Forgery is one of those issues that are determined by the level of crime that was committed. It can be considered either a felony or a misdemeanor. Really won’t know which one until you look at what was stolen through the forgery and how the crime impacted the person who was stolen from. For example, forging a signature can impact someone’s business or company. Each state does it differently, which is why hiring a Seattle white collar crime attorney is the best course of action if caught up in this situation.
The law can get a little confusing at this level. Mistakes can happen as well, which would nullify whether something was a crime. The crime is more likely to face punishment if someone clearly committed a forgery for the purpose of misleading or stealing from a person or a business. Let’s take a quick look at the difference between whether the forgery committed is either a felony or a misdemeanor.
Forgery as a White-collar Crime Misdemeanor
When you think of a white-collar misdemeanor, you may think about someone is flubbing on their taxes, stealing money from the government, or creating some type of scheme that steals from a massive corporation. Usually, the big crimes involve millions of dollars, but forgery can happen on an incredibly small scale as well. That everything has to total millions of dollars to be considered forgery.
It really depends on what the state considers a misdemeanor or jury charge. Some states require the value stolen to be equal or less than $500. Some states say that the number is $1000. There is no set number and as such the prosecutor will have to sort through all of the evidence and proof that the person purposely defrauded someone else for the amount charged. There would have to be no doubt that the crime was committed.
Felony Forgery Charges
Even if a forgery charge is still considered a white-collar crime, it can still be tried as a felony. Felony forgery charges will both be very expensive when it comes to fines and there will most likely be a bit of prison time added in. It’s not just the prison time or fine, but it can also be ruled that the perpetrator gives full restitution to the victim for the total value of what was stolen.
Someone who stole money through filing fake paperwork, producing false documents, or even forging checks can seriously hurt someone’s financial situation. These types of crimes often leave the victims with nothing at all. All of their hard work in saving is gone out the window and as such a judge will most likely determine that the perpetrator offers full restitution. Still, not every state requires it, but that doesn’t mean the judge won’t ensure the victim is paid back.
What is Considered a White-collar Crime?
White-collar crime is often considered crimes that involve defrauding someone else, like using deceit to commit a crime. Forgery may not involve a case that defrauds someone else, but an entity like the government, but it is still a crime. Some states may have rules that say only crimes against individuals are considered white-collar, so that’s why it’s important to check with a white-collar criminal defense attorney to see what your state has to say on the matter.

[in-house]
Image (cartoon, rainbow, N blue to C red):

Either way, it involves the full intent of stealing something, like someone’s data or money or falsifying information and altering your documents with deceitful intent. Again, we’ll use the example of someone lying on their tax returns. Forging someone’s signature to cash a check is also the same. Often times an expert will have to decide whether a crime is white-collar. It goes back to how the particular crime impacts the victim.
Forgery and Other Crimes
Forgery is often accompanied by other crimes. Just the act of forging someone’s signature is one crime while stealing their money is another. Theft would be included here. The forger would be stealing something of value from the victim. Many times, these crimes aren’t done alone, but with accomplices or other partners. They decide to work together to steal money from a person or entity and agree to share what was stolen.
Prosecuting a white-collar crime can be difficult. It might involve understanding complicated processes, like computer coding and/or an expert to determine without a doubt that paperwork has been forged. Expert witnesses may be hired to step in and help prove the case on the part of the prosecutor.
This is why it’s incredibly important to hire a white-collar criminal defense attorney to help defend the charges. The prosecution will use all the best tricks and technology to prove their case, so only a defense attorney can help inspire doubt in the minds of the jury overseeing the case. You would have to successfully challenge the evidence with expert opinions of your own. There are different defensive strategies to make that happen.
Proving a forgery case revolves around whether the prosecution can establish intent. Establishing intent isn’t always an easy thing to do and it will require a lot of work to do. The accused individual would have to prove they never intended to commit a crime in their actions. For example, if a forgery happened, but nothing was taken or stolen, then the jury would have to ask themselves if there was criminal intent.
If you’ve been charged with committing a white-collar crime, the best course of action is to hire a defense attorney who excels at defending against these types of charged. A lawyer will be able to navigate you through the process and help build your case. The burden of proof is always on the prosecutor.